What did people do before search engines? I was alive then, but am too young to remember.
Last week, a search for Ella Renville of Sisseton, South Dakota hit on a post I made several weeks ago, “Cincapi” Means “Children.”
Several years ago, Vicki (who typed the Ella Renville search) had picked up an autograph album at a rummage sale just because she found the little book beautiful. This Floral Album belonged to Mabel (or May, or May Belle) Hawley of Poysippi, Wisconsin, who was born around 1864. As a Junior at the Preparatory Academy at Ripon College in Ripon, Wisconsin, 27 miles south of Poysippi, Mabel asked Ella Renville to sign her album.
“Miss Hawley, That you may have a truly happy life is the wish of your friend, Ella Renville, Sisseton Agency, Dakota January 31, 1880.”
When she wrote these words, Ella likely was already battling tuberculosis. Ella’s death on Valentines Day, 1882, prompted her parents, John and Mary Butler Renville, to erect a headstone in the cemetery at Sisseton remembering their cincapi, their children: Ella and her baby sister, Mary, who died at birth.
The gift of a photo of Ella’s tombstone revealed another gift: first-time knowledge of her baby sister. That post paved the way for a gift from Vicki: Ella’s holograph (the first I’ve seen) in Mabel Hawley’s album.
But Mabel Hawley herself is still a mystery. Who was she? Vicki is working on that question. You see, Mabel’s album contains more than inscriptions from her school chums. A few pages beyond Ella’s wish for a truly happy life is this ledger-style pictograph:
Captioned in a feminine hand: “Drawn by Chief White Bull May 25/85.”
Sitting Bull’s nephew, Tatanka Ska, or White Bull, is the Lakota warrior some say killed George Armstrong Custer at the Battle of the Little Bighorn in 1876. A name coincidence? Maybe. Or maybe not. Sitting Bull’s nephew is also renown for his ledger art, including this image from the White Bull Manuscript in the archives of the University of North Dakota:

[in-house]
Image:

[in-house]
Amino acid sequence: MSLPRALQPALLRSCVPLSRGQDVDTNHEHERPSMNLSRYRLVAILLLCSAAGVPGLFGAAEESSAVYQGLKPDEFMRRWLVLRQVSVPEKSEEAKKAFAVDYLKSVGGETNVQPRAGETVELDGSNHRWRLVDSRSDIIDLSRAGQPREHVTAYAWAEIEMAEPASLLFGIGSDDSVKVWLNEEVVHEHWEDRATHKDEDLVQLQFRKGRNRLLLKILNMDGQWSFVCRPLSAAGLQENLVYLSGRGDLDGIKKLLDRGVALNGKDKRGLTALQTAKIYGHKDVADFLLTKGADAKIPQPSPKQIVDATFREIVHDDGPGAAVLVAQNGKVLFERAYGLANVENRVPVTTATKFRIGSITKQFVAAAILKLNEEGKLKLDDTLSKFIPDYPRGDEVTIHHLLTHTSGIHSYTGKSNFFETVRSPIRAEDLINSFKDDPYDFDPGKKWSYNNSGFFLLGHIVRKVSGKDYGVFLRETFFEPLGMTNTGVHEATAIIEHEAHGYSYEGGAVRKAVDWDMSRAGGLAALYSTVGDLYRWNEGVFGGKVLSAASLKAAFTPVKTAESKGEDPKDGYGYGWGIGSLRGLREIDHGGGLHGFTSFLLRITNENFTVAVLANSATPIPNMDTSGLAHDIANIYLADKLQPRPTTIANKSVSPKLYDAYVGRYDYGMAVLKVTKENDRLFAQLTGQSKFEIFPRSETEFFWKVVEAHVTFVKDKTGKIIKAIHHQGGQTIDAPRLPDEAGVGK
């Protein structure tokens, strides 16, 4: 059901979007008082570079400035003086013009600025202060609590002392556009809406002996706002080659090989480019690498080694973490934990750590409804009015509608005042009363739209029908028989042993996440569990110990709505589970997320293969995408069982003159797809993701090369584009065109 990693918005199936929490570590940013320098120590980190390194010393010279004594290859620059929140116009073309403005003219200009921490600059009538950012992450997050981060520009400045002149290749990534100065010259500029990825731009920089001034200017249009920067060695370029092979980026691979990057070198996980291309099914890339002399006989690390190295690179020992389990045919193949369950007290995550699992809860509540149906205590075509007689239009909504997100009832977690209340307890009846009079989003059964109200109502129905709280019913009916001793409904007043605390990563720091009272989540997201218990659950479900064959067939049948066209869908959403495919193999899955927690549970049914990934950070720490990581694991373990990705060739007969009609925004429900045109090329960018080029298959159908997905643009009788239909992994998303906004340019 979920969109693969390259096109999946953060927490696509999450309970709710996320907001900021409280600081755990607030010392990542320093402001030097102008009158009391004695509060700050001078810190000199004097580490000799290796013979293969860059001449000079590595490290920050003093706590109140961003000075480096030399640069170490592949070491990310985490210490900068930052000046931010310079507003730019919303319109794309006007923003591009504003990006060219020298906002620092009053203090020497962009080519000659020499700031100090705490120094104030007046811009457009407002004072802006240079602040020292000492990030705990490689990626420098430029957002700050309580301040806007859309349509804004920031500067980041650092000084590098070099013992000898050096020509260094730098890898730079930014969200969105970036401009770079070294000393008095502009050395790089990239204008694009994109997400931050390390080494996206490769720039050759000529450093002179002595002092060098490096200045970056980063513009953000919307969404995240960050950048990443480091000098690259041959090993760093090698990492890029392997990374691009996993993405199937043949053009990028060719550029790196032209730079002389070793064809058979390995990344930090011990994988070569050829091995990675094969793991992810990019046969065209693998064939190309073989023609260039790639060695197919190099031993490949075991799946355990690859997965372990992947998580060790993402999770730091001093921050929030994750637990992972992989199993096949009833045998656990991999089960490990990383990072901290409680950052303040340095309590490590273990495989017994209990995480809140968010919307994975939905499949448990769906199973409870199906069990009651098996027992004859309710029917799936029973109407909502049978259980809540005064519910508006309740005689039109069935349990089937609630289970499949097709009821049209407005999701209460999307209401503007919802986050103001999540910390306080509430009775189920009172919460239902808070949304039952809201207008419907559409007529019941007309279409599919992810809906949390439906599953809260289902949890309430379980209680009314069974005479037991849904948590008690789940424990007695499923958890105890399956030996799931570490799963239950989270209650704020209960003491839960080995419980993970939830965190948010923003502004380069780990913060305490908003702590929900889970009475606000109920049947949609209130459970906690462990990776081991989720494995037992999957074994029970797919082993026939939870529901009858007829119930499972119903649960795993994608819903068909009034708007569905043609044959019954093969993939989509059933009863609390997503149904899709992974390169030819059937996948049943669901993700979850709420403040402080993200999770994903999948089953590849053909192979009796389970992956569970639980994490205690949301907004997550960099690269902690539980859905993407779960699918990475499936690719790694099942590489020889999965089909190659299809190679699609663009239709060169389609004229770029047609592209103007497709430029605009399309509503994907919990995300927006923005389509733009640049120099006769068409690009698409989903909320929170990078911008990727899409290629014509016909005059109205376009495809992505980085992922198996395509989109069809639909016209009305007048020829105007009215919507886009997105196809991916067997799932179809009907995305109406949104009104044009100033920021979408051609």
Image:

Mabel Hawley married Daniel Tresler in 1884 and may have been living in Stanton, North Dakota, at the time she collected the drawing attributed to White Bull, and on the following page, an undated inscription from an Arikara man from the Fort Berthold Reservation named Bears Teeth.
Bears Teeth’s home at Fort Berthold is across Lake Audubon from Stanton. White Bull’s home at Standing Rock is about 180 miles south of Fort Berthold. Did Mabel Hawley Tressler visit Standing Rock? Did White Bull visit Fort Berthold?
It seems likely Mabel collected Ella’s autograph at Ripon, Wisconsin; both women were enrolled there and the roads home to Sisseton were sometimes impassable in January.
But I wonder why Mabel collected Ella’s autograph. Mabel was four years younger than Ella and attended Ripon’s Preparatory Academy, while Ella attended the College.
Researching A Thrilling Narrative, I discovered little about Ella’s life in Ripon (where she boarded while attending school) but found this glimpse in the February, 1878 edition of Iapi Oaye:
“In the last week of the old year Helen [Aungie] and Ella were invited to Waupun to attend a missionary concert, given by a class of girls for the benefit of a colored boy, Peter Sharp by name, who is at Fisk University. “They had recitations in several languages, (Ella says) and sent for us to say something in Dakota. Helen repeated the ‘Twenty Third Psalm,’ and I, ‘The Ninety and Nine.’ We dreamed dreams that night in which Sitting Bull and Peter Sharp were slightly mixed.” Iape Oaye, February 1878.
First, the implication for Ella: she did not keep her Dakota heritage in the closet. In fact, when called upon, she proudly spoke Dakota in public. Did Mabel collect Ella’s autograph because Ella was a friend, or because Mabel viewed Ella as a Native American novelty? (Ella signed her name, “your friend,” but addressed the inscription to “Miss Hawley” even though other classmates inscribed their pages to “Mabel” and “May Belle.”)
Second, the implication for Mabel Hawley: In the Iapi Oaye article, Ella mentioned Sitting Bull, White Bull’s uncle. In 1885, when Mabel collected the pictograph said to be White Bull’s, I think Sitting Bull was portraying himself in Buffalo Bill Cody’s Wild West Show. Did White Bull accompany his uncle on the show circuit? Did Mabel perhaps secure the drawing for her album when she visited a Wild West Show??
Vicki plans to take the drawing to the University of North Dakota for authentication against known White Bull pictographs.
photo credits: Hawley Album and the University of North Dakota Discovery Spring 2010.
Thank you, Vicki, for sharing Mabel’s album and story! Next time you go to a rummage sale, I want to go with :).
9/19/12 edited to correct Sitting Bull’s home reservation